2 Corinthians Chapter 12

Paul writes that it is not for the best for him to glory of himself and his own faith because the power of the Spirit given him will lead him into visions and revelations of God. (v1) Paul knew a man who had such visions and heard many revelations (v2-v4) After such a person's example Paul would glory, but not of his own self (v5) (except in his infirmities that he has suffered.) For although Paul would wish he could glory of himself he would not be so foolish - that any should not think of him above his station were he to speak of himself. (v6)

For Paul fears that should he be "glorified" and set above others by abundance of revelations there would be given opposition in the form of a false teacher that would have the strength to oppose him in his ministry. (v7) For this cause Paul had prayed for his desire to be glorified (as that man was) to depart from him; (v8) to which God answered that the Lord's grace is sufficient for him, for his strength is made perfect in weakness. Therefore the strength to overcome the devices of satan in all his violence towards the gospel is made perfect in the Holy Spirit's ministration with the forgiveness of sins. The gospel can not be diminished in its truth. Therefore Paul is content with glorying in his infirmities only. (v9) For in showing himself to be victorious in the strength of the gospel despite all Paul's sufferings, Christ is strong through Paul. (v10).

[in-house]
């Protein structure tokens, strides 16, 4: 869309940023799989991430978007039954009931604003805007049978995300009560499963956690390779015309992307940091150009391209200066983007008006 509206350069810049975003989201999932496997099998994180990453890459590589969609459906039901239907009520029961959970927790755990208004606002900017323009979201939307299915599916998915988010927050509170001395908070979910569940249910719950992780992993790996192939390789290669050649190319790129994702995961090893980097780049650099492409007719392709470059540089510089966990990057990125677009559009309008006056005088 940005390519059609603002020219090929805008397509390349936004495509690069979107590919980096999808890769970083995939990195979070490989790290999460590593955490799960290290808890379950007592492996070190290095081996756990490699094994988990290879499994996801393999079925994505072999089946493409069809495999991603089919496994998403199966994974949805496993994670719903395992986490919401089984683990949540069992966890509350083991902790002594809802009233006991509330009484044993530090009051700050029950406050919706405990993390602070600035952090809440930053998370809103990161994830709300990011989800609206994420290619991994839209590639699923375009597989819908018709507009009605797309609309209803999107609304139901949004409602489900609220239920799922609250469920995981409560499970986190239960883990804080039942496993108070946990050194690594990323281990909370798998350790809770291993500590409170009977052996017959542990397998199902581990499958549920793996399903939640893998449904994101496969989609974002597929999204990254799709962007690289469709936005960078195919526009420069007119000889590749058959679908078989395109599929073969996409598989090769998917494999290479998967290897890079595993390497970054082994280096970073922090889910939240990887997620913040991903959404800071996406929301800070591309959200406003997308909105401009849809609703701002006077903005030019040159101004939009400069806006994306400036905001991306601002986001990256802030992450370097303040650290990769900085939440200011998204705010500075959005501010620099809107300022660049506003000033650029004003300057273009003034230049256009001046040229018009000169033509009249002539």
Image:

Paul apologises that he has looked stupid for glorying now in his epistle - when he ought to have found their approval, being as the foremost apostles in Christ though he esteems himself as nothing. (v11) Paul reminds them that as an apostle his authority was confirmed by works of the Holy Spirit amongst them all (v12) So that they lacked nothing compared to any other fellowship, other than the keeping of Paul's own person when he is amongst them. (v13) For which Paul apologises not giving them the opportunity.

Paul writes he is to visit them a third time and will remain not a burden to any because he comes to find them in wholeness of self and not their substance, because he is as a father to them in their faith, not their wealth; and it is his responsibility to serve them. (v14) He will very gladly exert himself for them and be exerted in service, although the more love he shows them to not be a burden, the less opportunity he gives them to reciprocate their love towards him. (v15) In that, he did not burden them but caught them in a trap! (v16) He neither burdened them with any he sent them including Titus (v17) who followed the same example towards them of Paul's selflessness. (v18)

By stating this he does not commend himself by boasting of himself and Titus, but to comfort them that in all things, they do so comfort them as fathers to their continued edification. (v19) For Paul fears that when he arrives he might find them without the gospel he gave them, having been swayed from the truth by those that seduce them so that there would be much debate and strife amongst all. To which end, these debates would humble Paul so that he should not seem so esteemed among them, (v20) that he would have to mourn those that had not turned to repentance under the grace of God. (v21)

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